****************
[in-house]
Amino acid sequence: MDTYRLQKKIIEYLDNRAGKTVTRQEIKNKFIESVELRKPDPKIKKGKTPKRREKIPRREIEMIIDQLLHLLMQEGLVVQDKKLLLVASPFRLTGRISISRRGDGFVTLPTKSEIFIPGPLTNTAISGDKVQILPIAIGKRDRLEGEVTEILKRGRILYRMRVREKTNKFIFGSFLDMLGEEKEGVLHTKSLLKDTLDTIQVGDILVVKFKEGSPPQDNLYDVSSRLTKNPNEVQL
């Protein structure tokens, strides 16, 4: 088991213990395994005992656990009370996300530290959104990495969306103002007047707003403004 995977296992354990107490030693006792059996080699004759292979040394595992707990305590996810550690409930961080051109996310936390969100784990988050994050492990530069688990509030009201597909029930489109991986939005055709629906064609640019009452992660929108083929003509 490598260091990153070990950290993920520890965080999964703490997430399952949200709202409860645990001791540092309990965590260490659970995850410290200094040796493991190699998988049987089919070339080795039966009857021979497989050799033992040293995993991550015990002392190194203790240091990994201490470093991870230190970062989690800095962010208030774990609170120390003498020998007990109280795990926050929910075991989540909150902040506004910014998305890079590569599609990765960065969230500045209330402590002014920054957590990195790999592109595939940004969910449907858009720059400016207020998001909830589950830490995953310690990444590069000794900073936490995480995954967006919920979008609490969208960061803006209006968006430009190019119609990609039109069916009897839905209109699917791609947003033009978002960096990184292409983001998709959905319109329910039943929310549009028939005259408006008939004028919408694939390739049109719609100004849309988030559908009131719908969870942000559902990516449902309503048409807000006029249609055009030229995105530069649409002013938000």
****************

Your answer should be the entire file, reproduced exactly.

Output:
[in-house]
Amino acid sequence: MDTYRLQKKIIEYLDNRAGKTVTRQEIKNKFIESVELRKPDPKIKKGKTPKRREKIPRREIEMIIDQLLHLLMQEGLVVQDKKLLLVASPFRLTGRISISRRGDGFVTLPTKSEIFIPGPLTNTAISGDKVQILPIAIGKRDRLEGEVTEILKRGRILYRMRVREKTNKFIFGSFLDMLGEEKEGVLHTKSLLKDTLDTIQVGDILVVKFKEGSPPQDNLYDVSSRLTKNPNEVQL
């Protein structure tokens, strides 16, 4: 088991213990395994005992656990009370996300530290959104990495969306103002007047707003403004 995977296992354990107490030693006792059996080699004759292979040394595992707990305590996810550690409930961080051109996310936390969100784990988050994050492990530069688990509030009201597909029930489109991986939005055709629906064609640019009452992660929108083929003509 490598260091990153070990950290993920520890965080999964703490997430399952949200709202409860645990001791540092309990965590260490659970995850410290200094040796493991190699998988049987089919070339080795039966009857021979497989050799033992040293995993991550015990002392190194203790240091990994201490470093991870230190970062989690800095962010208030774990609170120390003498020998007990109280795990926050929910075991989540909150902040506004910014998305890079590569599609990765960065969230500045209330402590002014920054957590990195790999592109595939940004969910449907858009720059400016207020998001909830589950830490995953310690990444590069000794900073936490995480995954967006919920979008609490969208960061803006209006968006430009190019119609990609039109069916009897839905209109699917791609947003033009978002960096990184292409983001998709959905319109329910039943929310549009028939005259408006008939004028919408694939390739049109719609100004849309988030559908009131719908969870942000559902990516449902309503048409807000006029249609055009030229995105530069649409002013938000």